When he was at the table with them, he took bread, gave thanks, broke it and began to give it to them. Then their eyes were opened and they recognized him … – Luke 24:30-31a

Much like the famous “Footprints” poem, they were not alone – Jesus had been with them the whole time. And He’s been with you the whole time too; whatever you’re going through.

What’s more, Jesus chose to reveal Himself to the disciples while He was breaking bread with them. Likewise, He reveals Himself to us when we receive the Lord’s Supper and is really present with us in that meal. Why not experience the presence of Jesus in Holy Communion sometime soon?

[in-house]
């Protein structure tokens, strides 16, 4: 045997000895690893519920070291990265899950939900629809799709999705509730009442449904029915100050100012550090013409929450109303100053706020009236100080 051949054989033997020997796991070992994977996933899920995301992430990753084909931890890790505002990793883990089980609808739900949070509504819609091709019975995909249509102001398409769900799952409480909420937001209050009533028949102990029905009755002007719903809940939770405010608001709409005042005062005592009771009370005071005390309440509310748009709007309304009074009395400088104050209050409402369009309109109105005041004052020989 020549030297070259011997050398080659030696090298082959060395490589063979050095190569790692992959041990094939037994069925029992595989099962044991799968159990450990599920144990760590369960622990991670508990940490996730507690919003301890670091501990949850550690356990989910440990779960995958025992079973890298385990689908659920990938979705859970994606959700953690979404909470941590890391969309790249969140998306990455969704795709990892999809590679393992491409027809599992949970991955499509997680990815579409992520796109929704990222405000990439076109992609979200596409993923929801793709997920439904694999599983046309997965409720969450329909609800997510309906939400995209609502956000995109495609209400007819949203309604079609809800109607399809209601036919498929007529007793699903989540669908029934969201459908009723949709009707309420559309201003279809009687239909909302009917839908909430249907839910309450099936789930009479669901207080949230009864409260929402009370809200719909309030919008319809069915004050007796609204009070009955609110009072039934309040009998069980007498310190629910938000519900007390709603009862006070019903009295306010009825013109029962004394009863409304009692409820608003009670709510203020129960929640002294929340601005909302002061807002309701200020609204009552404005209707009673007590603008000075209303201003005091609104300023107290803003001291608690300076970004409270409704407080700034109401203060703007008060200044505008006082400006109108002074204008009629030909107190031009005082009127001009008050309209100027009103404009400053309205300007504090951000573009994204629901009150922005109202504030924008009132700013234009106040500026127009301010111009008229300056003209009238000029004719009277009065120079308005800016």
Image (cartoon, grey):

If you find yourself discouraged and needing hope, come to Jesus and tell Him what’s on your heart.  Then listen to Him as He teaches you a new perspective on things.  Learn from Him to see things as He does.  Things are not what they seem – whether it’s the situations of your life, or the empty tomb.  And because of that – you can be filled with HOPE!

Pray: Lord Jesus, we look to the empty tomb and we know that you are alive … and living for all eternity.  We thank and praise you that you’re always there to listen to us when we call to you.  Thank you that you let us pour our hearts out to you, and you hear whatever is on our heart and mind.  Thank you that through your Word you teach us – and that through it we know your presence with us. Thank you that you come to us in your Word and Sacrament and also through other believers – the Body of Christ.  Through your presence, your teaching and your listening, please fill us with hope in you.  In Your Name we pray.  Amen.